To ask how we read is to enter a heavily contested warzone. If you dare to peer through the heavy smoke thrown up by all the busted ordnances, you can make out a bunch of half-animate bodies. Few havebeencompletelykilled off, but none have lasted unharmed. They continue to trudge on, dealt fatal blows but refusing to concede.
There walks the skeleton of the early 19th-century Romantics, who imagined literature to be the ineffable given form by genius and the reader a vessel to be filled. Vernon Lee, long thought dead, has merged with a Frankenstein animated by the current scientist vogue (see James Somers’s article) to claim the reader’s mind is but the passive responder to the writer’s code. Floating beyond her is the ghost of old man StanleyFish, whose disembodied voice intones from up high on how the text is wholly the product of the reader’s mind, recreated each time anew. In the distance are menacing structuralist tanks, rusty and unmanned, but still in motion, powered by the thought of Roman Jakobsen and Tzvetan Todorov, which tells us that neither author impregnates reader, nor reader gives life to author, but that the text reads us—author and reader are at the mercy of preexisting meanings.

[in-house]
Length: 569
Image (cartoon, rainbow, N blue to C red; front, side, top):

But rather than spray critical fire in this zombie land, Nick Bakshi engages with the questions that haunted these thinkers through fiction. And it’s a brave and complex attempt. It’s not a cold mental exercise, simply an excuse to explore a concept, but a vibrant story that’s beautifuland haunting in its own right. It’s the story of how we read, and I thought it a pretty damn accurate account.| | | Next → |